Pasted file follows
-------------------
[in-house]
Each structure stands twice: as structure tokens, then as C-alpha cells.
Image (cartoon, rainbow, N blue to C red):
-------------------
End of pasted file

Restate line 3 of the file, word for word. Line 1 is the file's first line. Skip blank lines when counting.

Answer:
Image (cartoon, rainbow, N blue to C red):